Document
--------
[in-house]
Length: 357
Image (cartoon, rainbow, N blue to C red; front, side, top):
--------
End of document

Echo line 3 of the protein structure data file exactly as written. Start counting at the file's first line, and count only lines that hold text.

Image (cartoon, rainbow, N blue to C red; front, side, top):